Characteristics and One Year Outcomes of Melioidosis Patients in Northeastern Thailand: A Prospective, Multicenter Cohort Study.
Chantratita N., Phunpang R., Yarasai A., Dulsuk A., Yimthin T., Onofrey LA., Coston TD., Thiansukhon E., Chaisuksant S., Tanwisaid K., Chuananont S., Morakot C., Sangsa N., Chayangsu S., Silakun W., Buasi N., Chetchotisakd P., Day NP., Lertmemongkolchai G., West TE.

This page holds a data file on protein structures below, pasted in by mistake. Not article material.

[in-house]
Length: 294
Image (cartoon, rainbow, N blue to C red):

BackgroundMelioidosis is a neglected tropical infection caused by the environmental saprophyte Burkholderia pseudomallei.MethodsWe conducted a prospective, observational study at nine hospitals in northeastern Thailand, a hyperendemic melioidosis zone, to define current characteristics of melioidosis patients and quantify outcomes over one year.Findings2574 individuals hospitalised with culture-confirmed melioidosis were screened and 1352 patients were analysed. The median age was 55 years, 975 (72%) were male, and 951 (70%) had diabetes. 561 (42%) patients presented with lung infection, 1042 (77%) were bacteremic, 442 (33%) received vasopressors/inotropes and 547 (40%) received mechanical ventilation. 1307 (97%) received an intravenous antibiotic against B. pseudomallei. 335/1354 (25%) patients died within one month and 448/1331 (34%) of patients died within one year. Most patients had risk factors for melioidosis, but patients without identified risk factors did not have a reduced risk of death. Of patients discharged alive, most received oral trimethoprim-sulfamethoxazole, which was associated with decreased risk of post-discharge death; 235/970 (24%) were readmitted, and 874/1015 (86%) survived to one year. Recurrent infection was detected in 17/1018 patients (2%). Patients with risk factors other than diabetes had increased risk of death and increased risk of hospital readmission.InterpretationIn northeastern Thailand patients with melioidosis experience high rates of bacteremia, organ failure and death. Most patients discharged alive survive one year although all-cause readmission is common. Recurrent disease is rare. Strategies that emphasize prevention, rapid diagnosis and intensification of early clinical management are likely to have greatest impact in this and other resource-restricted regions.FundingUS NIH/NIAID U01AI115520.